Arsenal and Puma announce biggest commercial deal in companies' history
Arsenal chief executive hugely confident on new deal for coach Arsene Wenger
Ivan Gazidis says Puma deal will aid transfers and help club compete with Europe's best
The first thing Arsene Wenger may do upon waking these days is pinch himself to check that everything really is as it seems.
As if topping the Premier League and progressing in both the Champions League and FA Cup were not enough, the Arsenal manager has now been handed another gift – a hefty slab of cash.
For too many years since he took charge in 1996, Wenger has been financially handcuffed in the transfer market following the strict spending criteria determined by the Arsenal board.
But Monday’s announcement that the Premier League side and the German kit supplier Puma had signed the largest commercial deal in both companies’ history has cast such caution to one side.
For the Frenchman can not only invest in the next Mesut Ozil but also shape the Gunners’ future for years to come.
Coming into effect on July 1, the five-year deal with Puma is worth nearly $250 million according to media reports.
“The money will begin to flow in (in July) and will be available for us to invest in the team,” Arsenal chief executive Ivan Gazidis told CNN World Sport.
The tie-in with Puma ends a 20-year association with rival sportswear company Nike, with Arsenal believing that their new partner can not only give them bespoke attention but also help drive inroads to important “markets like Asia and the Americas.”
As he spoke with a mix of excitement and pride, Gazidis was adamant that Wenger would soon be signing a new contract that would enable him to continue his transformation of Arsenal.
“We have always been committed to Arsene and he’s always been committed to the club,” he said.
“I’m sure Arsene will commit his future to the club, and we will commit ours to his. That will be done at the right time – quietly – and then we will let you guys [the press] know.”
The coach’s contract is set to expire at the end of the season, but Wenger may well put pen to paper on more than just the deal that will continue his 18-year tenure.
“We will invest in not just big-name signings but also right across the club – in the youth academy, scouting network, facilities,” Gazidis explained.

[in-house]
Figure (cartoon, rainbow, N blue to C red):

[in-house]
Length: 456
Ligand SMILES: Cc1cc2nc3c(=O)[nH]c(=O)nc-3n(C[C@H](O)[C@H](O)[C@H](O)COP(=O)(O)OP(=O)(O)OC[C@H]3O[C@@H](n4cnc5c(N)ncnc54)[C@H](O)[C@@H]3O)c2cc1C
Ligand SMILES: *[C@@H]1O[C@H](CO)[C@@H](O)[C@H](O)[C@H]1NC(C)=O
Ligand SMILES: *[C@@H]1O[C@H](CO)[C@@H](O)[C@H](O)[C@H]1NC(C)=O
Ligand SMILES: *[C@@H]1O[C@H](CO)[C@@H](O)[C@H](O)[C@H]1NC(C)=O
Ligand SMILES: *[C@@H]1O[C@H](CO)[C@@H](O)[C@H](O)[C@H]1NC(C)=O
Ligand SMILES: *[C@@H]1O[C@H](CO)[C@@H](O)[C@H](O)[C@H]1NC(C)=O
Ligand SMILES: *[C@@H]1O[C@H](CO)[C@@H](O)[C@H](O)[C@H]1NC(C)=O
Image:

“There are a lot of things that go into a football club like this.”
Arsenal hopes its relationship with Puma can finally put the Londoners on an equal financial footing with some of Europe’s biggest clubs.
Arsenal came eighth in the annual money table of the world’s richest clubs published last week by business firm Deloitte.
But the Gunners’ revenue of $384 million was dwarfed by that of Real Madrid, who topped the table for a record ninth consecutive year given the Spanish giants’ income of $702 million.
Despite lying just three places higher in fifth, even French champions PSG boasted a far greater revenue of $538 million.
Famously without a trophy since 2005, Arsenal’s fallow period may soon bring forth years of plenty following a phase of reconstruction, albeit one that has not sat too well with the club’s fans.
Nonetheless, Gazidis believes the times are certainly changing.
“The football landscape has changed dramatically over the last decade and Arsenal has made some difficult decisions along the way to put ourselves in a position to compete in the longer term,” he added.
“I do think we are now progressing as a football club, making some big steps forward – both on and off the pitch – and the off-the-pitch stuff is important to drive what we do on the pitch.
“As we look forward over the next five years, we are very excited about the future of the football club.”
Less than eighteen months ago, there were widespread claims that Arsenal – the longest serving member of England’s top flight and a 13-time champion to boot – had been reduced to a selling club.
The clamor of dissent was impossible to ignore in August 2012 as star striker Robin van Persie joined Manchester United, a controversial sale that followed on from those of leading assets Cesc Fabregas and Samir Nasri among others a year earlier.
Fast forward to September 2013 and Arsenal made its greatest statement of intent in over a decade as Ozil was signed from Real Madrid, his transfer fee of $66 million eclipsing the Gunners’ previous record outlay by more than $40 million.
“Our goal has been clear – which is to be one of the leading football clubs in the world – and we’re driving towards that,” said Gazidis.
“We want to be able to compete with the very best in the game.
“The move to the [Emirates Stadium in 2006] was a critical part of our long term plan but the new commercial partnerships that we are entering into are just as critical.”
Meanwhile, Puma now add Arsenal to a portfolio that includes the Italian football federation, Germany’s 2013 Champions League runners-up Borussia Dortmund and Jamaican sprint king Usain Bolt.